If it’s unclear where this leaves Ukraine, it’s even less clear how Western governments would react. In the immediate aftermath of the election, the Western reaction was completely predictable: critical of the overall conduct of the campaign (especially the continued imprisonment of Yulia Timoshenko), but unwilling to declare the results invalid, or even threaten sanctions. "The people of Ukraine deserve so much better," said U.S Secretary of State Hillary Clinton. "They deserve to live in a country with strong democratic institutions that respect the rule of law. And these elections did not advance those goals."
Significantly, the EU High Representative Catherine Ashton and Commissioner for Enlargement and European Neighbourhood Policy Štefan Füle didn’t even reach Secretary Clinton’s level of criticism but instead put the emphasis on finalizing the results. In a mild statement issued by their spokesmen, Ashton and Füle said they had followed closely the vote count and tabulation. They urged the authorities and all parties involved “to take the necessary steps to finalise the tabulation allowing for the rapid announcement of the final results, which should reflect the genuine will of the Ukrainian voters.”
No key Western leader has said anything that would constitute a direct challenge to the results. Nor is there any evidence that Western governments are prepared to support a mass mobilization against the results – a mobilization as yet nowhere in evidence – if the opposition persists in its demand for a re-vote. (This is in sharp contrast to 2004, when the West was primed to declare anything but its preferred result invalid and to support a mobilization to overturn the result.)
To sum up, the initiative now lies with the opposition, but the advantage remains with Yanukovych. At the moment, it does not appear Western capitals are prepared to risk ties with Kiev to change that. Now, in light of President Barack Obama’s reelection for a second term, we can expect continuity on policy toward Ukraine. Secretary Clinton is expected to step down in the coming months but any prospective replacement (Senator John Kerry of Massachusetts has been mentioned) can be expected to maintain her commitment to activism in support of global “democratization.” At the same time, with the likelihood that Obama will try to breathe new life into his faltering “reset” with Russia, it’s all the less probable Washington will provoke a crisis over electoral irregularities in Ukraine.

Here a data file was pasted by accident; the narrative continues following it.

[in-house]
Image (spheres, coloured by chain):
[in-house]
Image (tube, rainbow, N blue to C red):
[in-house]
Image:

Meanwhile, the new Rada can be expected to be far more contentious than the last one. In particular, we can expect the West to be concerned not only about the direction of the Yanukovich administration but the parliamentary debut of Svoboda. With its history of extreme nationalism, lauding of pro-Axis World War II figures, and anti-Jewish rhetoric, Svoboda’s representation in the Rada has already been compared to the rise of other such parties, such as Golden Dawn in Greece and Jobbik in Hungary. Jewish groups in the United States, Israel, and elsewhere already have expressed strong concerns about Svoboda as the main threat to Ukrainian democracy and human rights and freedoms in Ukraine